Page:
The races keep coming and Pedro Acosta (Red Bull KTM Ajo) just keeps stealing the headlines. He’s now the only rider in history to have ever taken four podiums in his first four Grands Prix, despite saying of Jerez that it’s somewhere his riding style doesn't suit, but now it’s Le Mans in the crosshairs and that’s unfamiliar turf for the number 37. Qatar was, of course, the same, and that went pretty well for the now-Championship leader. But with pre-season testing beforehand there was a little more time to get to know the venue, so the Sarthe circuit is most definitely a whole new challenge in terms of both the track itself and the position the history-maker finds himself in.
With such a mammoth 51-point lead, however, there’s room to “relax”. The Spaniard enjoys the highest leading margin after the opening four races of a 125cc or Moto3™ season since the current point system was introduced in 1993. But even before that was the case, the words of Marc Marquez (Repsol Honda Team) in the Jerez pre-event Press Conference ring true: tenth is ok. A win is ok. A point, a crash… it’s all ok. Because regardless of the records set already, he’s still a rookie.
That said, there are a few riders who’ll be ignoring that and heading into Le Mans looking to depose the new ruler. Niccolo Antonelli (Avintia Esponsorama Moto3) arrives closest on the chase thanks to his consistency – and a Doha podium – followed by Andrea Migno (Rivacold Snipers Team), who has one 0 but two fourths and a third. Their ability to stay out of trouble, in terms of either causing it or getting tangled in it, has paid dividends and they’ve both been quick to boot. Migno also took a top five in France last season, and the year before, prefaced by a podium in 2018. On both past and current form, the Italian has arguably the best CV at Le Mans.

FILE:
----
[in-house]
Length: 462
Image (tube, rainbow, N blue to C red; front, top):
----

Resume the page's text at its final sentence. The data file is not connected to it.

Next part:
Then there’s Romano Fenati (Sterilgarda Max Racing Team), fresh from a podium and some similarly artful dodging of the drama that befell many at the final corner. The veteran seemed to consciously stay out the melee before striking late, and he’s another who’s been consistent. He also has form at Le Mans and although it’s from 2016, he finished just 0.099 off the win in second. The fact that a 0.099 deficit has to be quantified as being second place also speaks to how incredibly close the class is. The man who followed him home in Jerez, meanwhile, is looking for a little less drama in a different manner: Jeremy Alcoba (Indonesian Racing Gresini Moto3) may once again have impressively recovered from a Long Lap Penalty to take a rostrum finish, but he'll want to head into race day with a clean sheet this time round and rid himself of some Sunday hurdles.
So what of that aforementioned drama? Deniz Öncü (Red Bull KTM Tech 3) would have made different headlines in Jerez if not for that late move that set off the skittles, but the Turk nevertheless put in an impressive performance and will be looking for more of that race-leading feeling. Jaume Masia (Red Bull KTM Ajo) and Darryn Binder (Petronas Sprinta Racing) will also be focused on bouncing back as soon as possible; both also fuelled by the knowledge that they were once again fast, just unlucky. Experience remains on their side.
Ayumu Sasaki (Red Bull KTM Tech 3) was another who was fast and after his late race blunder first time out in 2021, the Japanese rider has since been a consistent force in the front freight train on his best roll of continual form pretty much ever. Can he crank that up even further this time? Gabriel Rodrigo (Indonesian Racing Gresini Moto3) will also want redemption after a highside out the lead, and John McPhee’s (Petronas Sprinta Racing) bad luck only continued in the Spanish GP. But the Scotsman is the only man in the field who’s won before at Le Mans... so could this be the turnaround he needs?
We’ll find out on Sunday the 16th of May as Pedro Acosta takes on Le Mans, and the rest of the field take on Pedro Acosta. The lights go out for the lightweight class at 11:00 (GMT +2) local time, so make sure to tune in!